Referring now to FIG. 1, a method of magnetizing precise localized portions of a homogeneous barium ferrite ball will be explained by means of a non-uniform magnetic field in order that the resulting magnetic pattern is equivalent to the magnetic pattern of a ball containing a bar-type magnet. A magnetic field is produced in the air gap defined by the opposed spaced pole pieces and 11 of an electromagnet 12 that is energized through windings 17 and 18 by a DC. source 13. The field density at any point between the pole pieces 10 and 11 is inversely proportional to the reluctance of the air gap of unit cross sectional area passing through it. The reluctance, itself, is proportional to the distance between pole pieces 10 and 11 and inversely proportioned to the permeability of the media therebetween. Since most of the materials which can be permanently magnetized are of low permeability, the ball 14 itself, will affect the magnetic field distribution only slightly while the highly permeable masses disposed around the ball 14, in a manner to be explained, influence the magnetic field distribution very strongly. This general principle, as applied to a particular geometric form, re quires a special fixture in each case, and for purposes of example, the fixture described herein will be suitable for locally magnetizing portions of balls.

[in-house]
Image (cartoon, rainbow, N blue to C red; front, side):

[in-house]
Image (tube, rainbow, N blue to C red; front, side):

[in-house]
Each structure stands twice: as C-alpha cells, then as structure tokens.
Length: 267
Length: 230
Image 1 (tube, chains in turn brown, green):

In order to produce a ball having a magnetization pattern equivalent to a ball with an inserted axially magnetized bar magnet, the ball 14 is placed into a fixture 15 that is symmetrical about an axis that is coincident with the magnetic axis 16 of the electromagnet 12. Centralizing support members 20 and 21 position the ball 14 on the magnetic axis 16 between the pole pieces 10 and 11. The ball 14 is secured between the inner conical surface 22 of the member 20 and a resilient O-ring 23 mounted on the member 21 and cooperative with its internal conical surface 24. The support members 20 and 21 have cylindrical portions 25 and 26 which slide within a hollow cylinder 30. The hollow cylinder 30 precisely aligns the members 20 and 21 by having an internal opening 31 common to both members 20 and 21. Further, the cylinder 30 is made of a highly permeable material and, thus, provides a drain or fiux path for magnetic flux in a manner to be described. The diameter of the opening 31 is substantially the same as the diameter of the ball 14.